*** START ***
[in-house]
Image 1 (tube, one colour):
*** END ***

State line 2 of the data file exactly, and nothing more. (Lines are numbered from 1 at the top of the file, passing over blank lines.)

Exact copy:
Image 1 (tube, one colour):